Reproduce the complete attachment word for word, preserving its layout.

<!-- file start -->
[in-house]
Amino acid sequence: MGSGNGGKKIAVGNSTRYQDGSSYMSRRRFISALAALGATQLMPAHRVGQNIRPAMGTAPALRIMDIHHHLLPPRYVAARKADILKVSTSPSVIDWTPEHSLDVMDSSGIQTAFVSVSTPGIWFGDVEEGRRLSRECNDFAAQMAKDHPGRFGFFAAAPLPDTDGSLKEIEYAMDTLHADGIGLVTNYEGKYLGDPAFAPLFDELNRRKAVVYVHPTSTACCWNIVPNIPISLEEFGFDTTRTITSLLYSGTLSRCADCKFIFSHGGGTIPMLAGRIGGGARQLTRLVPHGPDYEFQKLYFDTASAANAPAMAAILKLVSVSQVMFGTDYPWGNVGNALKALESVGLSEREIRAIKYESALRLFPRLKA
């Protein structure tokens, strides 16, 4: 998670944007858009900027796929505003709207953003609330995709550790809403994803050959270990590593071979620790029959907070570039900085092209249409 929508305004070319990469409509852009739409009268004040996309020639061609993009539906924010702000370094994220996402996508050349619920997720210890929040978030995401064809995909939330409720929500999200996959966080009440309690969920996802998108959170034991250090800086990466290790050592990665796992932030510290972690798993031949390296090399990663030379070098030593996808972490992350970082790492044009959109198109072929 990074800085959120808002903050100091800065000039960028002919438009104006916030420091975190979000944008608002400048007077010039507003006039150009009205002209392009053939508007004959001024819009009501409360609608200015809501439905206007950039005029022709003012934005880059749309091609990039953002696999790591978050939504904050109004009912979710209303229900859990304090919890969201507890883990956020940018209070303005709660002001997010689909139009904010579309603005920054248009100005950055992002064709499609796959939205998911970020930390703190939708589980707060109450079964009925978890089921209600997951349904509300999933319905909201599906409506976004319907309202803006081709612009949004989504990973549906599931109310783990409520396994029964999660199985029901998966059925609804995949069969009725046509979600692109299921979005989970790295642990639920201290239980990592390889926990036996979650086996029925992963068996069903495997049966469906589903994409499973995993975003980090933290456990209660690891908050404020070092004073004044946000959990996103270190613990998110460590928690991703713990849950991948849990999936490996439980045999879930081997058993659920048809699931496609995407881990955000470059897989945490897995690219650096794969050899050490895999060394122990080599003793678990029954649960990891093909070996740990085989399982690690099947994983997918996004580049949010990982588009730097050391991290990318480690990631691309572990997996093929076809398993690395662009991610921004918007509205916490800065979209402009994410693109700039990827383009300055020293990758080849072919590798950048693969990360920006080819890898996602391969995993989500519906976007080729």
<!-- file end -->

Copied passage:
[in-house]
Amino acid sequence: MGSGNGGKKIAVGNSTRYQDGSSYMSRRRFISALAALGATQLMPAHRVGQNIRPAMGTAPALRIMDIHHHLLPPRYVAARKADILKVSTSPSVIDWTPEHSLDVMDSSGIQTAFVSVSTPGIWFGDVEEGRRLSRECNDFAAQMAKDHPGRFGFFAAAPLPDTDGSLKEIEYAMDTLHADGIGLVTNYEGKYLGDPAFAPLFDELNRRKAVVYVHPTSTACCWNIVPNIPISLEEFGFDTTRTITSLLYSGTLSRCADCKFIFSHGGGTIPMLAGRIGGGARQLTRLVPHGPDYEFQKLYFDTASAANAPAMAAILKLVSVSQVMFGTDYPWGNVGNALKALESVGLSEREIRAIKYESALRLFPRLKA
């Protein structure tokens, strides 16, 4: 998670944007858009900027796929505003709207953003609330995709550790809403994803050959270990590593071979620790029959907070570039900085092209249409 929508305004070319990469409509852009739409009268004040996309020639061609993009539906924010702000370094994220996402996508050349619920997720210890929040978030995401064809995909939330409720929500999200996959966080009440309690969920996802998108959170034991250090800086990466290790050592990665796992932030510290972690798993031949390296090399990663030379070098030593996808972490992350970082790492044009959109198109072929 990074800085959120808002903050100091800065000039960028002919438009104006916030420091975190979000944008608002400048007077010039507003006039150009009205002209392009053939508007004959001024819009009501409360609608200015809501439905206007950039005029022709003012934005880059749309091609990039953002696999790591978050939504904050109004009912979710209303229900859990304090919890969201507890883990956020940018209070303005709660002001997010689909139009904010579309603005920054248009100005950055992002064709499609796959939205998911970020930390703190939708589980707060109450079964009925978890089921209600997951349904509300999933319905909201599906409506976004319907309202803006081709612009949004989504990973549906599931109310783990409520396994029964999660199985029901998966059925609804995949069969009725046509979600692109299921979005989970790295642990639920201290239980990592390889926990036996979650086996029925992963068996069903495997049966469906589903994409499973995993975003980090933290456990209660690891908050404020070092004073004044946000959990996103270190613990998110460590928690991703713990849950991948849990999936490996439980045999879930081997058993659920048809699931496609995407881990955000470059897989945490897995690219650096794969050899050490895999060394122990080599003793678990029954649960990891093909070996740990085989399982690690099947994983997918996004580049949010990982588009730097050391991290990318480690990631691309572990997996093929076809398993690395662009991610921004918007509205916490800065979209402009994410693109700039990827383009300055020293990758080849072919590798950048693969990360920006080819890898996602391969995993989500519906976007080729």